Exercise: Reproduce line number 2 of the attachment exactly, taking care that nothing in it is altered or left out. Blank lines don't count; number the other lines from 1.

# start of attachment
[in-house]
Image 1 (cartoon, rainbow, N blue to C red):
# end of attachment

Image 1 (cartoon, rainbow, N blue to C red):